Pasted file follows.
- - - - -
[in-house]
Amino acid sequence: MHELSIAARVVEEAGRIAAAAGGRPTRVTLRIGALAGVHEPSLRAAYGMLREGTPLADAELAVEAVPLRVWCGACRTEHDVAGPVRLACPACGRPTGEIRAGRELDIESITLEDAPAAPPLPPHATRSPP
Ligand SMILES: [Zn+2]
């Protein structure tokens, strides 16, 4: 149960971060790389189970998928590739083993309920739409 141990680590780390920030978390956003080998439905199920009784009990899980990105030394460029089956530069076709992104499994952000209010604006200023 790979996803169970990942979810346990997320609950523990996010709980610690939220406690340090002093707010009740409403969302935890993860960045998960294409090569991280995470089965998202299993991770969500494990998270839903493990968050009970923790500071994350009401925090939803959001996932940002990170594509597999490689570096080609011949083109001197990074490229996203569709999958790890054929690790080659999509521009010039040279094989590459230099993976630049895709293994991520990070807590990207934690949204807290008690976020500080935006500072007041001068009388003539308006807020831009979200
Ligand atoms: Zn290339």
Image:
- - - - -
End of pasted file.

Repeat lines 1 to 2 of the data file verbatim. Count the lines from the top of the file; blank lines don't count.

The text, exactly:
[in-house]
Amino acid sequence: MHELSIAARVVEEAGRIAAAAGGRPTRVTLRIGALAGVHEPSLRAAYGMLREGTPLADAELAVEAVPLRVWCGACRTEHDVAGPVRLACPACGRPTGEIRAGRELDIESITLEDAPAAPPLPPHATRSPP